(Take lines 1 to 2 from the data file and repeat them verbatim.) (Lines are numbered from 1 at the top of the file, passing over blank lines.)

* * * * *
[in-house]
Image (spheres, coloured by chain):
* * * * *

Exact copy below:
[in-house]
Image (spheres, coloured by chain):